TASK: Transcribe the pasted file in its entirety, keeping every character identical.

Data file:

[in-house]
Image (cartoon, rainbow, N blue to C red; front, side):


[in-house]
Image (cartoon, rainbow, N blue to C red; front, side):